Same old sameo, only the wigs and dresses have changed. Fake News was Yellow Journalism eons ago. Party out of power falsely accusing the other to regain majority. Failed socialism gets recycled with a new mask and different set of false victims with each new know it all generation, re-irritating their elders yet again.. .with the pretext of a couple of corrupt businessmen supposedly proving capitalism evil. No wonder old people have a grumpy image.
        The merry go round never ends.

        Don’t be smug.

    • Red

      Dimwit needs to look up the definition of “evidence”. It’s impossible to have “evidence” of something that hasn’t happened. And screaming doesn’t make anything true. If you wanna suggest that other companies’ past performance *might suggest* that whatever, whatever… that’s fine. But to state as a fact that …”evidence demonstrates that…. *will* reduce…” (emphasis mine) is just a blatant outright LIE.

    • So, you can be smug while lecturing others not to be. Got it.

  • npaladin2000

    Yeah, I suppose someone thinks 2 big carriers and 2 small carriers that can’t hope to challenge the big boys must be better than 3 carriers that can actually compete with each other. Oh, wait….

  • superg05


    • You’d rather have sprint go bankrupt basically

      • George B

        The options were A) do nothing and Sprint goes bankrupt, B) Sprint sells off assets like a big chunk of their 2.5 GHz licenses and shrinks, or C) Sprint merges with another company. The proposed deal tries to split the difference between Sprint disappearing into New T-Mobile and Sprint shrinking. Spinning off Sprint’s 800 MHz licenses and Sprint’s MVNOs to Dish potentially helps a new 4th nationwide cellular carrier get started. The problem is that even a shrunken Sprint would start with a functioning 4G network and decades of experience while Dish starts with licenses and promises that they’ll build a 5G network in the future. Regional carriers like US Cellular have made more effort to compete than Dish ever has. A cynical view would be that T-Mobile is paying a premium above buying Sprint licenses option B) to make a competitor go away, helping Dish with the expectation that they’ll never get their act together enough to put downward pressure on prices. However, you’re correct that Sprint going bankrupt is probably the worst option for consumers.

      • Jerry Rich

        Short answer, let nature take its course!

    • Ryan Martin

      LMAO. This is a good deal Trump has nothing to do with it.

  • Christopher Lee Sims

    With as much spectrum as Dish has hoarded I think they will prove to be far more competitive than people give them credit for. Not to mention Dish is pretty much the only choice in Sat tv at this point and with as much money as they have in the bank at this point they will build out their network much quicker than people think I suspect. That’s just my thoughts on the whole situation.

    • George B

      Nobody has been preventing Dish from building a cellular network if they wanted to.

  • Jay Holm

    Why don’t these states understand that the federal government oversees INTERSTATE commerce??? Two companies merging is up to the DOJ, and FCC….not individual states!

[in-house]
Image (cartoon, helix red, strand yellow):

• Tmobile definitely will be challenging the status quo once this deal is done. I hate they have to give up 800mhz but I guess it’s for the best

    • ugp5

      Feds should have made Dish give TMO its 600mhz in exchange for the 800mhz

      • 600mhz is better then 800mhz but 800mhz is already cleared so that’s a advantage

  • Bklynman

    I am not for or against this,I like to know will Tmo/Sprint still be selling Samsung windows tablet, since Tmo is the only major carrier doesn’t have an lte windows tablet,Sprint sell them,also I check out Sprint phones,they have more choices than Tmo,will that change too, less phones models?

    • marque2

      Hard to say. I have noticed TMobile offers fewer devices as well. However they are more receptive than others with BYOD and will even offer support.

      • Website Administrator

        I hope they support the Surface Duo and Surface Neo next year. While Microsoft will likely not offer them exclusive to any carrier, it would be a nice boost if they sold it through all carriers and T-Mobile was one of them.

  • othercents

    Why is the FCC making decisions like they are the FTC? There decision should be based on spectrum and making sure all companies have a competitive amount of spectrum, but not other factors of competition like monopolies or pricing. If the merger is an issue then the FTC will need to get involved and the states should be filing a complaint with the FTC.

    • Website Administrator

      FCC = Federal Communications Commission. One of their roles is to regulate the communications in the country, including carriers. The FTC only needs to approve some mergers. The FTC and DOJ share jurisdiction over merger review, and transactions requiring further review are assigned to one agency on a case-by-case basis depending on which agency has more expertise with the industry involved. In this case, the FCC has more expertise, so it falls on them, not the FTC, to approve the merger. Hope this helps.